Ajman government recruits IBM for massive IT project

The Emirate of Ajman has announced an e-government initiative that will be rolled out in several phases across a number of government departments. The project will see IBM provide consulting and strategic planning services, as well as determining both the processes and the technology requirements for Ajman’s e-government implementations.

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By  Caroline Denslow Published  May 8, 2005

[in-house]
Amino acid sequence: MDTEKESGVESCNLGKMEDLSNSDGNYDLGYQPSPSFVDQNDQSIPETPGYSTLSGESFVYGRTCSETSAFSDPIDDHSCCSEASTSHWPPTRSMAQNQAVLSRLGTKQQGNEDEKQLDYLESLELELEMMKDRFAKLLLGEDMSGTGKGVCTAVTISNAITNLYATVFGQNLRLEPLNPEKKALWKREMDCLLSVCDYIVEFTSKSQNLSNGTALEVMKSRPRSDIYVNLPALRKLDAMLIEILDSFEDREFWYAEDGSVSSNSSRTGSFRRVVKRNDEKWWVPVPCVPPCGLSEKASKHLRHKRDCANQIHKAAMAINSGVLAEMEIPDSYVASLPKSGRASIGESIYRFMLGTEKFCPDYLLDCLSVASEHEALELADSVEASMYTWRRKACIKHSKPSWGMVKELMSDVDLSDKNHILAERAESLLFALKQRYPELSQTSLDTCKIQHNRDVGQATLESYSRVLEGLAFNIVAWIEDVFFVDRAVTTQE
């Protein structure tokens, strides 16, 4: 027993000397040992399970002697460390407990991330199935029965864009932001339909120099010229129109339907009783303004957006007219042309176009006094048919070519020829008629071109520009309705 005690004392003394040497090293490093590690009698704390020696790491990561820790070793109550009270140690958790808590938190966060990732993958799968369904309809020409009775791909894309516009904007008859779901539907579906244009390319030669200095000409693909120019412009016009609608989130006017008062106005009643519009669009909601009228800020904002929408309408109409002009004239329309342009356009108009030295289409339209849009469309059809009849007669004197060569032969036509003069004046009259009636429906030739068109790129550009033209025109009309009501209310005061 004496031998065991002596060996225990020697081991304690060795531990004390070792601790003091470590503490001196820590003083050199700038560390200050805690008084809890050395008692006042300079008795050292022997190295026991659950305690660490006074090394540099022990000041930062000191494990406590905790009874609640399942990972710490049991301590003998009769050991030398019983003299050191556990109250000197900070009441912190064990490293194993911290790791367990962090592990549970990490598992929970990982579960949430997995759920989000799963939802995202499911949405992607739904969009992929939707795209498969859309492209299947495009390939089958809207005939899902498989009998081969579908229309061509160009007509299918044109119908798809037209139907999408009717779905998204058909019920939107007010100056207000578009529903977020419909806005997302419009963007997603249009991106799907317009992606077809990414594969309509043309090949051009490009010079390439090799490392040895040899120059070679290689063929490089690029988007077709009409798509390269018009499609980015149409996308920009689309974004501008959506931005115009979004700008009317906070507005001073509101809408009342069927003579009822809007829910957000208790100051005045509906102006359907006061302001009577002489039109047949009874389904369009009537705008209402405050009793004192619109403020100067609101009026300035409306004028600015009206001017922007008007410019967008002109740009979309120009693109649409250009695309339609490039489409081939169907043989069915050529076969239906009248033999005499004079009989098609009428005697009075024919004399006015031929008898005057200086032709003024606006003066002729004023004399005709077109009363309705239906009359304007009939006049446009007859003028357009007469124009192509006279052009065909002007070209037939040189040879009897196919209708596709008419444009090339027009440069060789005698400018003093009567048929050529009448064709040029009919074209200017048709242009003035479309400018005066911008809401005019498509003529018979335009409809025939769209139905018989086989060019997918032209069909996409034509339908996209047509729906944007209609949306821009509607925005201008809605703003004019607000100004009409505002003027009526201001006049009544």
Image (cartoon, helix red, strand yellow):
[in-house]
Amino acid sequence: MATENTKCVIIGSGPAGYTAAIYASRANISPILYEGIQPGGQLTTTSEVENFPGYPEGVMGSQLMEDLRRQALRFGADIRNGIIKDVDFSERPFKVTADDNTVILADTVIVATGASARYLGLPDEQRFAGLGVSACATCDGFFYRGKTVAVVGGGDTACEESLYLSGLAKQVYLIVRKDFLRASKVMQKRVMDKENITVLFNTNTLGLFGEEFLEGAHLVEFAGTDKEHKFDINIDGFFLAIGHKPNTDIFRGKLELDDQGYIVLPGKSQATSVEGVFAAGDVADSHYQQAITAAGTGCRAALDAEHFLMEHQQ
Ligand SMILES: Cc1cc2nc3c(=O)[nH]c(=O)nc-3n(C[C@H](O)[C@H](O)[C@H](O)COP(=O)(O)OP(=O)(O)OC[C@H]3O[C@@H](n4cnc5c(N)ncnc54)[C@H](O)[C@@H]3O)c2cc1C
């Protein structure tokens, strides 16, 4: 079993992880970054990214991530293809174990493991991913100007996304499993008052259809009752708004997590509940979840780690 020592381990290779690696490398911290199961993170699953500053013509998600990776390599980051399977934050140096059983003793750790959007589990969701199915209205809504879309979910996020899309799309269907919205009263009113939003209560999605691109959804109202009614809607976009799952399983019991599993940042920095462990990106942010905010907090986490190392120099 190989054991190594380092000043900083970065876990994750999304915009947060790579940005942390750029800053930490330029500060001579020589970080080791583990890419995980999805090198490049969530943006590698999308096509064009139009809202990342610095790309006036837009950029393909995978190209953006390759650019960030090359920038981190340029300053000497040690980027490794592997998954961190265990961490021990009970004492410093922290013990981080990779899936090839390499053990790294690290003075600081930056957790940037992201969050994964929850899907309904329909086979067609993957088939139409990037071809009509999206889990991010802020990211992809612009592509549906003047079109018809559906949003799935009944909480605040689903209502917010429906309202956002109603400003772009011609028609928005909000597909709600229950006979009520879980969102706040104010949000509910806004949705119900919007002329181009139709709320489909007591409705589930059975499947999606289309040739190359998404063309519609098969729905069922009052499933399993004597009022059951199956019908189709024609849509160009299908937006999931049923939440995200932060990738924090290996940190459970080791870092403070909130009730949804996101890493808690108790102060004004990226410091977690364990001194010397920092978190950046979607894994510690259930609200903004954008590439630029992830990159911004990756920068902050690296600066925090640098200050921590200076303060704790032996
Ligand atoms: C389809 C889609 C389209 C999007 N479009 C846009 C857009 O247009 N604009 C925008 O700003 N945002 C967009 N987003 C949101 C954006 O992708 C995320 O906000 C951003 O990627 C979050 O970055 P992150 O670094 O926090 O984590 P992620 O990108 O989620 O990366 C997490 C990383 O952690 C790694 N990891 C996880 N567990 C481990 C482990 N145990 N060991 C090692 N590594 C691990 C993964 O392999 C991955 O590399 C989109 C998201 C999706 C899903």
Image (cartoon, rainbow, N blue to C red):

The Emirate of Ajman has announced an e-government initiative that will be rolled out in several phases across a number of government departments. The project will see IBM provide consulting and strategic planning services, as well as determining both the processes and the technology requirements for Ajman’s e-government implementations. Working closely with the government’s IT team, IBM Global Services (IGS) will develop a common e-government blueprint that will help select the systems needed to integrate and overlook government departments, including the Ruler’s Court, Ajman Municipality, Ajman Police, Ajman Free Zone Authority, Ajman Immigration and Neutralisation, Ajman Land and Properties, Ajman Civil Defence and the Ajman Chamber of Commerce. The project is being driven by the vision of H.H. Sheikh Humaid Bin Rashid Al-Nuaimi, Supreme Council member and Ruler of Ajman. According to Gerard Newman, a partner at IBM Business Consulting Services for the Middle East, Egypt & Pakistan, Ajman’s e-government initiative is not a replication of similar programmes found in the region. “The government of Ajman is not just trying to copy what other people have done. What they are trying to do is to learn from those experiences, and adapt and develop it in a unique way to serve the emirate of Ajman. This is not just a cut-and-paste project. This will be a unique solution designed for the citizens and residents of Ajman,” he explained. Mohamed Al Hajj of IBM’s Business Consulting Services will be the programme’s project leader. The initiative will be divided into two phases. “In the first phase what we will do is to gather the business requirements that the Ajman government and the participating departments are going to have. Then, based on those requirements, we will issue RFPs from integrators who will present how they are going to implement the systems that will be needed,” he added. Phase two of the project will be the implementation itself, he said. In phase one, IBM Global Services team’s main responsibilities will include prioritising the various initiatives, such as the identification of specific target performance measures for the successful implementation of the project. In addition IBM will evaluate the technical infrastructure requirements, define the essential policies and procedures necessary to support the e-government initiative, and appoint the vendors and systems integrators for the project. In phase two, IBM will manage the programme along with the selected technology partners, Al Hajj said. “The overall project — phases one and two combined — will be done in roughly three years. Phase one will be a shorter phase; that will be something like six to eight months,” Al Hajj said. Ajman’s e-government programme will include a government portal with 20 online electronics services and a payment gateway. On top of that, a number of supporting infrastructures and critical systems will also be implemented, including an enterprise resource planning (ERP) system with a customer relationship management functionality, a document management system, a government portal with 20 online electronics services and a geographical information system. All these systems will be supported through an infrastructure that will be provided through a shared service data centre set up by the Ajman government.

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